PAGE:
And in Hamlet, when he mentions Purgatory,
a Roman Catholic belief, he also mentions
the death of 20,000 men who go to their graves like beds.
When you see what this picture was like and the souls are rising
at the last judgment, it looks like they're just climbing out of bed.
So it's becoming clearer and clearer that Shakespeare was heavily
influenced by religious iconography of his time.
I think so and he's really been brave in the way he's able to
remind people of religious issues, but he wasn't allowed
to refer to them explicitly, because of censorship.
But he could allude to it and as the wall paintings had vanished,
they're re-emerging in these vibrant, bold,
brave images on stage.
Shakespeare is undoubtedly Stratford-upon-Avon's most famous
son, but of course he spent most of his professional life in London.
And it's from the capital that Shakespearean actor Simon Callow
shines a little more light on the Bard's relationship with the church.
"All the world's a stage and all the men and women merely players.
"They have their exits and their entrances
"and one man in his time plays many parts,
"His acts being seven ages."
Famous words from As You like It,
and surely the way Shakespeare saw the world.
We're all actors in this "wide and universal theatre", as he puts it.
I've been enchanted, enraptured by the works of William Shakespeare
since I was five years old.
I've acted in his plays, I've written books about them,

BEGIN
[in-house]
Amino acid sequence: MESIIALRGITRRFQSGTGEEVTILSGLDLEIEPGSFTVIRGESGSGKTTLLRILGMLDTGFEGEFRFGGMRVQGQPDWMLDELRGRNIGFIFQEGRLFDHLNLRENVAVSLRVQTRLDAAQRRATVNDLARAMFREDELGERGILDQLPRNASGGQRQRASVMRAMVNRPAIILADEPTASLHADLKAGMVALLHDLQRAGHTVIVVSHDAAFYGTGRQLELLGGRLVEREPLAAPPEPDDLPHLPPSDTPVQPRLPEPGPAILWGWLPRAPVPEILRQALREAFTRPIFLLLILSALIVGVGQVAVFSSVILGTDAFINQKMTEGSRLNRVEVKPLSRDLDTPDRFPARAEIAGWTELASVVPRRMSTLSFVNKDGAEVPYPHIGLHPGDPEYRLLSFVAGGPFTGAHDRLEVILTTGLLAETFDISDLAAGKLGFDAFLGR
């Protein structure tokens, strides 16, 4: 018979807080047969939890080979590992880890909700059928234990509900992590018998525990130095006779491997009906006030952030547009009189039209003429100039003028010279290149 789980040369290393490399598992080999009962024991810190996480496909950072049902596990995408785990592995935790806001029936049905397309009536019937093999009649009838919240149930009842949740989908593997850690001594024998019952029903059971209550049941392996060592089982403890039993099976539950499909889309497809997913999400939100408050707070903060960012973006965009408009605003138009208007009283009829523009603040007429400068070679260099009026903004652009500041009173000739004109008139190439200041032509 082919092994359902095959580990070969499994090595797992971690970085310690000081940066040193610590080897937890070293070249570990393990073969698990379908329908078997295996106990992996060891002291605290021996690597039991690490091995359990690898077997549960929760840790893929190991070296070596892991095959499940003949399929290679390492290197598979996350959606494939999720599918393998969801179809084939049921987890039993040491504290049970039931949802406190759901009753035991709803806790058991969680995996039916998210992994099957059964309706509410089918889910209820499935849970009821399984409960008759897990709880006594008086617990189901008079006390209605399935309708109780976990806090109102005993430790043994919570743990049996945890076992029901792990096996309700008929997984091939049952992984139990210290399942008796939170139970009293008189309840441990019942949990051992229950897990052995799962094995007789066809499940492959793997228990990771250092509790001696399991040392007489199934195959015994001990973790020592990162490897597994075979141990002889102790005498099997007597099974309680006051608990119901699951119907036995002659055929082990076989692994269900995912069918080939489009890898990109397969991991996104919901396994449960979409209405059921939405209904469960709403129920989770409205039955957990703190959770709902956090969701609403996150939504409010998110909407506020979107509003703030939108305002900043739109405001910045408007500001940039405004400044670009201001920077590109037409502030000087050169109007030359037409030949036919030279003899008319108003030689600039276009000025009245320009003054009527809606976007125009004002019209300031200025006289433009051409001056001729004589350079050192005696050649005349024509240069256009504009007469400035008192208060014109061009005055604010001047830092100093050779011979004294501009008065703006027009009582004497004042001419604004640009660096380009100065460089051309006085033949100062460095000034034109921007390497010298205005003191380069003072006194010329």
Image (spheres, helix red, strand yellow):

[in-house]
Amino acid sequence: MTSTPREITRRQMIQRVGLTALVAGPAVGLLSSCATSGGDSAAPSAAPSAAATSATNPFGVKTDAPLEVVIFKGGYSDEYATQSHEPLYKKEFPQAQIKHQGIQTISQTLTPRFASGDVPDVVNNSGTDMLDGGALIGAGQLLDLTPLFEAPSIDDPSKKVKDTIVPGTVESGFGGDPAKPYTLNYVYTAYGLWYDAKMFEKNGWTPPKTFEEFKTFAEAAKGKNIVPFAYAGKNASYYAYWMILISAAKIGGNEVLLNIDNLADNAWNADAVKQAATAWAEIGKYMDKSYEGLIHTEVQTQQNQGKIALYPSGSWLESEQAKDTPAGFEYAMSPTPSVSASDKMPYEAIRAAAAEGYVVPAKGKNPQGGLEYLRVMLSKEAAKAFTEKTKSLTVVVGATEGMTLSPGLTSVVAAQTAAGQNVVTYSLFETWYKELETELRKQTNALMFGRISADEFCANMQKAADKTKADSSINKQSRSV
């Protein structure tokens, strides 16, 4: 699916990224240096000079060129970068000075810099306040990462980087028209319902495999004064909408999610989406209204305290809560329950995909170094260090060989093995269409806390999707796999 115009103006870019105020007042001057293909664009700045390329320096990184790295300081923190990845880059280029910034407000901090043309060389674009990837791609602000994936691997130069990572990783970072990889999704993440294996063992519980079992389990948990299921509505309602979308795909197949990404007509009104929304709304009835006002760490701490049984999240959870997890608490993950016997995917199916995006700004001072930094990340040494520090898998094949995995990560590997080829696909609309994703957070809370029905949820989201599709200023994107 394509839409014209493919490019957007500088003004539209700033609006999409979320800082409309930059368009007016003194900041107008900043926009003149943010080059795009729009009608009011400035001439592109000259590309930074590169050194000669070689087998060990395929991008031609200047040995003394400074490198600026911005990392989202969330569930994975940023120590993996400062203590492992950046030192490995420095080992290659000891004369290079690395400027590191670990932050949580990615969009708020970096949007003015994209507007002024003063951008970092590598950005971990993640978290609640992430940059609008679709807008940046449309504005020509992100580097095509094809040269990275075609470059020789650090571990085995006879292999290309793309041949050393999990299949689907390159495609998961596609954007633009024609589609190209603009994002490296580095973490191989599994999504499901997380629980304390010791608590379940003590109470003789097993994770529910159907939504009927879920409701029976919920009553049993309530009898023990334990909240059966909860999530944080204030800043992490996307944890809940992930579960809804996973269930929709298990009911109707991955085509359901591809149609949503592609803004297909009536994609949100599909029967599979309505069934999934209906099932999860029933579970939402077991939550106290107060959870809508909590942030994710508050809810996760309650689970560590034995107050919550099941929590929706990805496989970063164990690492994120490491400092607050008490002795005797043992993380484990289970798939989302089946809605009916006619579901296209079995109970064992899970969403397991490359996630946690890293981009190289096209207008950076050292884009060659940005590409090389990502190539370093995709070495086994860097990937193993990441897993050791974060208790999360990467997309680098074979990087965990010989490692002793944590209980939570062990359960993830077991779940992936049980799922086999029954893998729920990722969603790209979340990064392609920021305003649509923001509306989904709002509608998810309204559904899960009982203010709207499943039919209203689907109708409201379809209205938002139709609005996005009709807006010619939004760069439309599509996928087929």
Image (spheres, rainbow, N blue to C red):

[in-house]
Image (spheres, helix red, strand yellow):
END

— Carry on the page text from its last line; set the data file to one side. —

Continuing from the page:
I've done a one-man show to try
to find out who the man was who wrote these plays.
He gives incomparably the greatest account of what it is to be
a human being, but what of the spiritual dimension of his plays?
This is Southwark Cathedral.
In Shakespeare's day, it was St Saviour's Parish Church,
just a short walk from the Globe Theatre.
We obviously don't know how often
Shakespeare will have come to church here,
although there was an expectation
and a legal obligation upon people at one stage to go to church.
We do know, however, that he paid for his brother's funeral here,
and we also know that that funeral had to be
arranged for the morning so that the show could go on in the afternoon.
'But the theatre was by no means universally
'accepted by the establishment.
'Indeed, when Shakespeare first came to the capital,
'all productions had been forced outside of the City of London.
'But I've come to Shoreditch,
'near the site of the first purpose-built playhouse in London,
'to discuss with Professor Alison Shell
'how it wasn't all condemnation.'
Here in Shoreditch,
on the foundations of this actual church,
was the first actors' church,
so that tells us there was a church which looked favourably on actors.
Yes, and I think that's partly because
the techniques of actors,
erm, were so often used by preachers themselves.
Both professions of preacher and player were in the business
of communication and effective, entertaining communication.
If you really had to, Alison, would you describe Shakespeare as